Spotting the warning signs of business failure

This is a guest post from Business Recovery the business turnaround specialists.

As failure sinks in and the business sees itself sliding down the graph, the symptoms of failure become more apparent in the books through declining sales, cash and increased expenses.

Looking at the accounts should not be the first symptom of failure as accounts capture a moment in time and is based on history.  In other words financial accounts look back in time at what has already happened and too late to be able to change these results. 

There are some companies, especially smaller companies that report on their sales and profits once a year when completing a tax return. 

So the warning signs of failure to an investor or bank providing a business loan are often seen too late and often too late for anything to be done.

The warning signs of failure should be seen right from the start so there is a chance to avoid failure happening.

There are pointers below to address the potential risk of failure for a business:

1. What are the symptoms of business failure for a specific business?

2. Health check of business to detect warning signs

3. What are the causes of business failure?

4. What is the seriousness?

Early signs of business failure are detailed below.  By recognising these signs, action can be taken.

Underperformance

Definitions of underperformance include:

  • Sales are dropping or stagnant
  • Bank is asking for security against lending and asking more often for updates
  • Profits declining
  • Not winning new business

Distress

Definitions of a company being in distress include:

  • Turning to an overdraft for immediate funds or increase in overdraft
  • Payments to suppliers are not on time or asking for increased repayment terms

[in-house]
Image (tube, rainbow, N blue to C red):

• Turn to lease and hire purchase companies instead of purchasing an asset outright
  • Considering factoring and invoice discounting as a method of business recovery and to gain monies in the short term

Crisis

A company is in a crisis when a finance director leaves.  This is sometimes and not always because there are genuine reasons.  Other signs of crisis is when the overdraft has reached its maximum level and there are no other funds available such as loans.  A bank loan may no longer be available either and all funding options have been considered and are not available.

A company cannot meet repayments of its creditors and suppliers are demanding payments and threatening taking legal action.  Furthermore statutory payments such as PAYE and VAT are in arrears.

Legal action will begin with county court judgements, statutory demands for payments and finally bailiffs taking assets that are needed to run the business.

The next step would unfortunately be insolvency and FAILURE.

Performing a health check on a regular basis can avoid insolvency happening and it is the last stage when all else fails.  There should be plenty of alarm bells ringing loud before this stage comes anywhere close. 

If a business is suffering from any of the symptoms outlines, a business should seek external advise and also come to agreements with suppliers.

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